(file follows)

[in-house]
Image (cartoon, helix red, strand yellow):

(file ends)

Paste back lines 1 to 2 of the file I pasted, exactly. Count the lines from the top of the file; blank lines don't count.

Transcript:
[in-house]
Image (cartoon, helix red, strand yellow):